PPP Loan Update – June 1, 2020

We hope you are all well and getting back up and running in a safe manner.

As you know, there is more to this pandemic than the Paycheck Protection Program (“PPP”).  Things have been and continue to change rapidly.  If you are not ahead of the curve, you are behind.  Keep vigilant.

In late March and April, many businesses lived off existing receivables and made tough changes to their businesses.  As the calendar turned to May, PPP money was a temporary life preserver.  Now, as we stare at June, some are looking at PPP loan money being exhausted and opening for business or continuing their businesses amid a lot of uncertainty.  In a lot of respects, for many, it is like starting your business all over again – only with a bigger (albeit uncertain) customer base, more established relationships, new rules that are constantly changing, and bigger overhead.  Just like in Rocky III, we all need to get back to our roots and find the “Eye of the Tiger.”  We have built a business before; now we must do it again with a head start and within a different set of rules.

The primary principles and planning points we discussed early on still hold true: (1) Monitor your cash flow as closely as possible, as it is your life blood; (2) Look for opportunities and jump on them quickly; (3) Keep in close contact with your customers, vendors and team/staff, as communication is key; and (4) Fortify your IT and security measures.  We will expand on these in a series of emails over the coming weeks.

For now, the focus is cash flow.  With that, let us start with the PPP and then discuss other measures.

Below is a link to an Excel workbook that will help you calculate loan forgiveness.  We have also linked a short instructional video to show you how to use it.  As the calculations are involved and we are accountants and not programmers, there are some limitations to the workbook (please see “Instructions” tab); however, it should give you a good picture of where you stand regarding PPP loan forgiveness.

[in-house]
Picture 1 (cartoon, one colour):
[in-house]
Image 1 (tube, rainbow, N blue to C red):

As some of you may have seen, the House passed the Paycheck Protection Flexibility Act of 2020 last Thursday.  This is a separate bill that relaxes some of the PPP loan and forgiveness requirements as follows:

  • Extending the expense forgiveness period from eight weeks to twenty-four weeks
  • Reducing the 75 percent payroll ratio requirement
  • Eliminating 2-year loan repayment restrictions
  • Allowing payroll tax deferment for PPP recipients
  • Loosening the FTE reduction loan forgiveness provisions
  • Extending the June 30 rehiring deadline

As SBA and Treasury guidance has been issued, it has generally been borrower-friendly, and this is no different.  There is a similar bill in the Senate, and we are hoping to see this passed, reconciled, and signed into law shortly.  Again, this is NOT law yet, but are hoping that it will be as soon as this week.  For the moment, our advice is to continue to plan for the worst (the current PPP forgiveness rules) and hope for the best (Paycheck Protection Flexibility Act of 2020).

If these rules change, we will update our workbook and send it out when available.  At that point, for most of us, it should be more a matter of doing everything you need to do to ensure that the full PPP loan will be forgiven and less of a question of how much of the PPP loan will be forgiven.

With regard to cash flow, there are other Federal and New York State loan programs available which are not forgivable but have favorable terms.  They are listed here.

In addition to the programs above, continue to monitor your cash flow and adjust your revenue, expense, and cash flow budgets frequently.  With regard to receivables, a few ideas are to accelerate them where possible, review payment terms, give incentives for early payment where practicable, and ask for deposits up front.  With regard to payables, review your contracts and expenses, defer payments where possible, and prioritize suppliers and vendors that are critical to maintaining status quo and top line growth.  Keep in close contact with your bank and lending sources as they are an integral part of this process.

There is no one-size-fits-all answer to the many questions we have.  These paragraphs are meant to give you some ideas but are not a cure-all.  You should continue to work with your professional team to work through these issues.

The goal right now is to get through this critical period with as little debt as possible to get to a time when we can all make money again. Please let us know if we can help.

To download our updated workbook, click here.

View the video below for an in-depth tutorial on how to use our workbook.